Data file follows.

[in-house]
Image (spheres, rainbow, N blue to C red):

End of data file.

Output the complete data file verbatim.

[in-house]
Image (spheres, rainbow, N blue to C red):